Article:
Our “why” gives our lives a sense of purpose and direction. A why can change, become unclear, or remain in sharp focus. The latter is true for Davis Smith, the founder, and CEO of Cotopaxi, a Salt Lake City-based activewear and outdoor gear company with a fuzzy llama mascot and the slogan ‘Gear for Good.’
Smith’s why is to do good, and this mission has propelled Cotopaxi’s business model since 2014. Every sale of a backpack, jacket, water bottle, or product that is sold gives back to a humanitarian cause. For example, every Cusco backpack that is purchased helps educate a child in Peru for one week. Smith’s desire to do good on a global scale began as a child.
He spent his formative years growing up in Latin America, where empathy was born and informed his response to the world. He met children his age who were malnourished and begging for food. Ecuador’s Cotopaxi National Park was his childhood playground, inspiring a sense of adventure. One of his explorations both defined and directed his why.
After graduating from Brigham Young University, he moved to Cusco, Peru, for an unpaid internship with his wife. In Cusco, he met a 9-year-old boy named Edgar, who begged to shine Smith’s tennis shoes. Smith, taken by the little boy, let him shine his shoes. However, as Smith was preparing to fly back home, he found Edgar in the street crying helplessly, someone stole his shoe-shining kit. Smith gave Edgar all of the money in his pockets. The next day Smith found Edgar selling a bag of candy to kids on the street. Edgar’s plight and perseverance marked Smith. He never stopped thinking about him, even in the thick of earning an MBA at the Wharton School, and a MA in International Studies at the University of Pennsylvania. After completing his studies, he started two business ventures, the first ended, and the second was a disappointment. However, he felt called to try again, this time merging his entrepreneurial drive with social impact.
Edgar never escaped his memory. Fourteen years later, equipped with only the young boy’s photo, Smith journeyed to Cusco to find him. After showing the photo to groups of people, one of Edgar’s friends came forward and provided Smith with his number. Smith called him and discovered that Edgar remembered him, but Edgar still faced the same set of challenges he did when they first met. Edgar’s parents both died or abandoned him and his two younger siblings, and he lived in a makeshift home made of mud. Smith decided that Cotopaxi would ensure children like Edgar didn’t have to live under these harsh conditions.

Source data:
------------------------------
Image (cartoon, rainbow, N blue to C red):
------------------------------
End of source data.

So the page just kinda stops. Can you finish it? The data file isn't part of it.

Six years later, Cotopaxi is the first company to incorporate from inception as a Benefit Corporation and raise venture capital. They’ve committed 1% of their annual sales to address global poverty and currently earmark about 4% of annual revenues for impact efforts in the company’s supply chain. While most brands made charity work a sideline project, it’s the core of Cotopaxi’s work.
Last year, Cotopaxi launched a philanthropic arm, the Cotopaxi Foundation, that formalized partnerships and programs supported by the company’s revenue contributions. They’ve awarded 42 grants in six focus countries. Their initiatives range from a letter-writing bridge employment program for refugees to the Fundacion Escuela Nueva, to ensure that Columbia children and their parents have access to quality education.
Even during this uncertain time, Smith’s why remains the same. COVID-19 interrupted 50% of their business in March, but they are continuing their philanthropic work. Smith shifted his thinking from one ruled by fear to one unleashed by the potential to give abundantly. Smith crowdsourced ideas from his entire team about how to strategically navigate this crisis. Over the last five months, they’ve developed cost-cutting and revenue-generating tactics and raised a reported $400,000 to support communities in need on a local and global scale. Forbes called Smith one of the best adaptors to COVID-19.
Cotopaxi is never paralyzed by challenges. Their response is to create, to give, and to turn trial into triumph. The company started #OneUtah on social media–their definitive response to the crisis–and along with other businesses, intends to raise $5 million to support Utah nonprofits. Their giving doesn’t end there. In the wake of the Black Lives Matter movement resurgence, they’re providing a direct grant to the NAACP through the Cotopaxi Foundation and have committed funding for additional grant programs aimed at combating racial injustice.
“We’re always thinking about what we can do to positively impact our community and help,” Davis told Deseret News, later adding, “We wanted to be part of that effort … and we have something many of them don’t have, a way to connect with our community and great physical products.”
Smith’s financial leadership has a global impact. He recounts receiving a note from Edgar on Facebook. He was in trouble and was unable to make ends meet for his family due to COVID-19. He was in a tour guide training program in Peru, but the pandemic halted training, and he lost his income. This weighed heavily on Smith’s heart. He contacted Edgar, and he empowered him with multiple streams of income. While terrible things happen daily, empathizing and acknowledging circumstances wasn’t enough for Smith. His why is global social responsibility, not just in theory but in practice.